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Re: [css3-gcpm] bookmark-label: keyword definitions and whitespace processing

From: Håkon Wium Lie <howcome@opera.com>
Date: Sat, 18 Aug 2012 00:21:17 +0200
Message-ID: <20526.50141.875835.541330@gargle.gargle.HOWL>
To: Simon Sapin <simon.sapin@kozea.fr>
Cc: "www-style@w3.org" <www-style@w3.org>
Also sprach Simon Sapin:

 > >   > For each element where the computed value of neither bookmark-level or
 > >   > bookmark-label is 'none', generate a bookmark entry.
 > >
 > > Isn't is sufficient that 'bookmark-label' is different from 'none'?
 > >
 > > In a simple book with several consecutive chapters, you'd want to say:
 > >
 > >    h2 { bookmark-label: contents }
 > >
 > > And not having to say:
 > >
 > >    h2 {
 > >      bookmark-label: contents;
 > >      bookmark-level: 2
 > >    }
 > 
 > You mention below that h1..h6 get a bookmark-label value in the HTML UA 
 > stylesheet. I think it’s hard to generate a bookmark if bookmark-level 
 > is none. Where would you put it in a PDF outline tree, for example?

It could be level 1. (In which case we might as well make the initial
value 1 instead of none.)

Or we could say that, in order for a bookmark to be generated, both
'bookmark-level' and 'bookmark-label' must be different from 'none'.

This will allow UAs and authors to use any switch they want, no?

 > >   > The used value of
 > >   > bookmark-label is as described for the string-set property, with the
 > >   > text taken *after* white space processing (according to the white-space
 > >   > property.)
 > >
 > > According to the white-space value of the element in question?
 > 
 > Yes. This is what I implemented, but it could change.
 > 
 > > I'd probably suggest always processing white-space as if 'white-space:
 > > normal' had been set on the label.
 > 
 > I don’t see a strong argument either way. 'normal' is the initial value 
 > so headings rarely have another value for white-space anyway.

I could see the value of 'white-space' change for effect in the
document without wanting a similars effect in the outline (where space
is more precious). So, I suggest adding this to the definition of <content-list>:

  The textual content is processed as if 'white-space: normal' had been set. 


 > >   > By the way, I think that the initial value of bookmark-label should be
 > >   > 'contents', not 'none'. Actually I’m not even sure that 'none' is ever
 > >   > useful. 'bookmark-level: none' (the initial) is enough to say "this
 > >   > element does not generate a bookmark".
 > >
 > > I agree that 'bookmark-level' can be used as the on/off switch for
 > > bookmarks, but I'd probably prefer to use 'bookmark-label' as the
 > > switch. This way one can have (say) this in the default style sheet:
 > >
 > >    h1 { bookmark-level: 1 }
 > >    h2 { bookmark-level: 2 }
 > >    h3 { bookmark-level: 3 }
 > >
 > > without triggering the generation of bookmarks. Bookmarks can then be
 > > switched on with:
 > >
 > >    h1, h2, h3 { bookmark-label: contents }
 > >
 > > (or something)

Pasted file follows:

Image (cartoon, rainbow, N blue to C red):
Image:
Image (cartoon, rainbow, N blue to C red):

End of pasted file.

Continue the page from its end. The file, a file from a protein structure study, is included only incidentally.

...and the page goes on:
> >
 > > Thus, one can turn on bookmarks with one declaration rather than
 > > having to use (and remember) many levels.
 > 
 > If no bookmark is generated by default I agree that it is interesting 
 > for authors not to have to specify levels explicitly. But in WeasyPrint 
 > we chose to have h1..h6 generate bookmarks by default. (Again, nothing 
 > set in stone.) In that case, opting-out is also easy:
 > 
 >      /* Limit bookmarks to 3 levels */
 >      h4, h5, h6 { bookmark-level: none }

Yes, turning off is easy. This is compatible with my proposal above.

 > >   > bookmark-level specifies what "depth" this entry is supposed to be at,
 > >   > in the bookmark tree. The UA stylesheet for HTML has something like this:
 > >   >
 > >   > h1 { bookmark-level: 1 } /* ... */ h6 { bookmark-level: 6 }
 > >   >
 > >   > The order of the generated bookmarks is always the same as the tree
 > >   > order of the corresponding elements. If the values of bookmark-level are
 > >   > inconsistent (for example a level 1 entry followed by a level 3, without
 > >   > a level 2 in-between) the levels are adjusted somehow to make a proper
 > >   > tree without "holes".
 > >
 > > This requires more intellingence than we should expect from
 > > implementations, no? (A similar rule for elements would convert all h3
 > > elements into h2 if no h2 element was found.)
 > 
 > I was only describing our implementation. I think it is good to leave 
 > such details unspecified so that implementation can but do not have to 
 > make a smart algorithm for broken pages.

Ok.

 > >   > The bookmark "target" is a single point. We picked the before-start
 > >   > corner (top-left in horizontal-tb ltr) of the margin edge of the first
 > >   > box/fragment generated by the element.
 > >
 > > That seems reasonable. Is this what browsers do?
 > 
 > Actually I switched from margin box to border box after writing the 
 > quoted emails:
 > 
 > http://lists.w3.org/Archives/Public/www-style/2012Jun/0318.html
 > 
 > I do not know of a browser that implements bookmarks, but the closest is 
 > internal hyperlinks. Apparently browsers scroll the top of the *border 
 > box* to the top of the viewport (assuming a box far enough from the top 
 > and bottom of the document.) Horizontally things are more subtle. If the 
 > box is narrower than the viewport, browsers scroll horizontally as 
 > little as possible so that the whole width of the border box is visible.
 > 
 > But in PDF we do not have such fine-grained control: the targets for 
 > outlines and internal hyperlinks is a single (X, Y) point on a page.

What do you suggest the spec should say? (if anything)

-h&kon
              Håkon Wium Lie                          CTO °þe®ª
howcome@opera.com                  http://people.opera.com/howcome
Received on Friday, 17 August 2012 22:21:53 GMT

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